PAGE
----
I recently received a Civil War Pension file, indicating that the Soldier and his wife (after his death) owned 100+ acres of land. The letters in the file had the suspected post offices mentioned. I know, from census records, that the family had property as early at 1860 in Washington Township, Morris County, New Jersey. It wasn’t really a question of the township, but where in the township. Later census records were very clear where the farms were, including the current farm, celebrating 100 years at the current location.
I can also go back to the next previous farm, also in the township. In this area, one my say “in the valley” and “on the mountain”.
A visit to a local Archive was in order. The Archivist very nicely pointed me to where some old County Maps were located, and found an 1868 Map, that had the Civil War soldier’s father and sibling mentioned on the map.
Overlaying that map with Google Maps, I knew where the farm would have been. I drove to where I thought it was, and in fact, it is still a farm. All of the bends in the road were as they should be, the stream was where it should be, present day and that 1868 map. BUT, where was my Civil War Soldier. Certainly a 100 acre map would have some indication on that map.
I went back to the Census Records, reread my citation, and noticed something really weird. The 1870 Census has a Post Office name listed.
The Post Office in Succasunna, NJ, and the Census says Township of Washington. Clearly, there is a problem here. Succasunna is NOT in Washington Township.
Back to the maps
Succasunna is in the next township. Also, that was also one of the post office names in the Pension File.
Next stop, the Washington Township Historical Society. As it turns out, the person I spoke with knew exactly what I was talking about. The 1870 Census. She ready knew my question, where did Succassunna come from for that census record.
She had some information on the Post Offices in the township over time. Someone had already done research on them showing that they opened and closed over the years as the township grew.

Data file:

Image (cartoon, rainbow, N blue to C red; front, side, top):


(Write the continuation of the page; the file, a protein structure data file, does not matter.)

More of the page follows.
I went back to verify my Census Records (image above) to make sure I didn’t miss anything. I did my usual back a couple of pages in the Census, forward a couple of pages. Many familiar and sometimes family names were listed, as expected in Washington Township, not in Roxbury Township, where Succasunna is located.
Well, if Post Offices opened and closed, there has to be a history of that. In fact I had looked for this before, but for Post Masters, not Post Offices. The notion in my mind was that the Washington Township Post Offices had closed or that the family was closer to this post office then ones on the other side / end of the township.
I did find a listing for Post Offices in New Jersey, and had dates that they were in “business”. Well, the Succasunna Post Office, didn’t open until 1888. BUT, in looking at that map again, besides Succasunna there was also “Suckasunny” (1808-1888). OK, my usual “spelling doesn’t count” clicked in.
So, I am confused, as well as the folk at the historical society, about the 1870 Census with a Post Office listed in the next township. and trying to see which of the 8 or 9 Post Offices that have existed in Washington Township might have been closed in 1870 to have the Census bureau use the neighboring township. Oh, and it’s not that close.
The other problem here, is that Enumeration Districts had not been established, from what I can tell for the 1870 Census.
I know that I am missing something here, but am not sure what that is. With a 100 acre farm, I should be able to find it on one of these historic maps. I have seen the 1868 map and a 1878 map and have located the father Jacob but not my Civil War soldier.
Am heading back to read the Civil War Pension file to see if there is a hint that I missed. I’ll pay closer attention to the Date and Post Office mentioned in the 125+ pages in that file, to see where this farm is.